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Are there any tools available which will take a file from a jar and display the contents nicely?

In particular when working with OSGi bundles the Export-Package and Import-Package entries can get quite large and difficult to quite work out what is going on. Added to this simple keyword text searching is not 100% reliable because of line breaks.

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6 Answers 6

up vote 5 down vote accepted

I believe the eclipse plugin for BND tools does it fairly nicely. It has an editor for viewing a jar file.

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That's almost exactly what I was after - the JAR editor only shows the manifest file as plain text but the BND Bundle Editor seems able to open a jar file and parse and display the import pkgs nicely (+1) but not the export or private pkgs (-1). – pauli Oct 15 '12 at 14:39
Actually that is not correct. If you have added your Jar file to your cnf Repository, you only have to click on the bundle in the Repository view and then have a look to the "Imports/Exports" view. There you will see what kind of packages will be imported and what kind of packages are exported. but of course not the private ones, bc they are still private ;) – christian.vogel Oct 16 '12 at 8:55
Note that in recent version of Bndtools you can install the JAR editor as a standalone component, i.e. you don't have to install the whole of Bndtools if you don't want to. – Neil Bartlett Oct 16 '12 at 11:06
Yep, thanks found it now. Very nice - just what I was after. – pauli Oct 16 '12 at 14:37

bnd itself can be run from the command line and will print all details:

 java -jar xx.jar

You can also click on a jar in bndtools and select the print tab, this gives you more details than you probably need.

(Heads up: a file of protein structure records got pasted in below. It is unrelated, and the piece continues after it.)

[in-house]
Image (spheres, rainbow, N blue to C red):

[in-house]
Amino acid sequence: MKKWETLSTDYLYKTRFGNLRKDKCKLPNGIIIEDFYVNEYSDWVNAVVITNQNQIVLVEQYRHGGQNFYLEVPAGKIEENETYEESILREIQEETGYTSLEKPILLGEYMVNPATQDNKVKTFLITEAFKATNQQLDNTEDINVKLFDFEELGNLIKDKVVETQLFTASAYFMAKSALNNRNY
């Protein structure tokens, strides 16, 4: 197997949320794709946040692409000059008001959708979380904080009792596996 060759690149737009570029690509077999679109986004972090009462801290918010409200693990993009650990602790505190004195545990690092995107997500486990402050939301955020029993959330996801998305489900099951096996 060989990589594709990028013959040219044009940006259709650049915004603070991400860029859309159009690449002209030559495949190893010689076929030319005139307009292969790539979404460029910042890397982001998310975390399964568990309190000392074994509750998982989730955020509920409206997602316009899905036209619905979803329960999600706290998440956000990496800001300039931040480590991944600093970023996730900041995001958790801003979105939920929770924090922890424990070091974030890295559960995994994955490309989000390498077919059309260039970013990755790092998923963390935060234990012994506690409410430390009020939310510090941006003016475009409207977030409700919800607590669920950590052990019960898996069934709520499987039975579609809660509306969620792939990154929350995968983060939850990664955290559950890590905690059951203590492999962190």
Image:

bnd can be download from

Type bnd help for information about the commands.

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The cloudbees link is broken. – Max Spring May 9 '14 at 19:24

Parse it in javascript ;) Here's a JSFiddle to pretty-print an OSGi MANIFEST.MF file:

var sectionsText = text.split(/\n\n\n/),
    sections = {},

for (var i in sectionsText) {
    sectionText = sectionsText[i];
    name = sectionText.substr(0, sectionText.indexOf(": "));
    body = sectionText.substr(sectionText.indexOf(": ") + 2);
    sections[name] = body;

    if (name.indexOf("Package") != -1) {
        body = body.replace(/[\n\r] /g, '');
        body = body.replace(/(,)(?=(?:[^"]|"[^"]*")*$)/g, "$1\n");
        packagesText = body.split(/\n/);
        packages = {};
        for (var i in packagesText) {
            packageBody = packagesText[i];
            packageName = packageBody.substr(0, packageBody.indexOf(";"));
            packageBody = packageBody.substr(packageBody.indexOf(";")+1);

            if (collapse) {
                packageBody = packageBody.replace(/uses:="[^"]*"/g, 'uses:="..."');

            packages[packageName] = packageBody;//.replace(/;/g, ';\n');
        sections[name] = packages;

It sorts entries by alphabetical order too, so you can compare them. Hope it will be useful for someone (especially people developing outside of Eclipse).

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Very helpful indeed, many thanks! – Henrik Opel Jul 28 '14 at 15:26

Here's an online pretty-printer for manifest files, with optional sorting:

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I downloaded the bnd.jar from Maven Central.

And yes, I can run it and it pretty-prints the manifest:

java -jar bnd-2.2.0.jar example.jar

The print command shows Import-Package and Export-Package even nicer:

java -jar bnd-2.2.0.jar print example.jar
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If you are using eclipse you can use the Plugin Manifest Editor configured by

enter image description here

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Eclipse won't open the jar file itself, you would have to create a project from it first before using the editor. – Robin Oct 15 '12 at 13:52
@Robin right din't read the question completely :) – shyam Oct 15 '12 at 13:54

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